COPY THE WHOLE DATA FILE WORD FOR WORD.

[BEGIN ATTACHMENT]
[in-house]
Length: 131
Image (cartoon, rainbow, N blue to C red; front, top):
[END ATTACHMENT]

[in-house]
Length: 131
Image (cartoon, rainbow, N blue to C red; front, top):